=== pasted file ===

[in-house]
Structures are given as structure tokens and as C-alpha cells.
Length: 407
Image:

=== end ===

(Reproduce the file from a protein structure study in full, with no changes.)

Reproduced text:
[in-house]
Structures are given as structure tokens and as C-alpha cells.
Length: 407
Image: